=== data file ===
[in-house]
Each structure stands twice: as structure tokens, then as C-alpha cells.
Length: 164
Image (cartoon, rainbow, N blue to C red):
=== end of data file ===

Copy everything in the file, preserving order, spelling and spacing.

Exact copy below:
[in-house]
Each structure stands twice: as structure tokens, then as C-alpha cells.
Length: 164
Image (cartoon, rainbow, N blue to C red):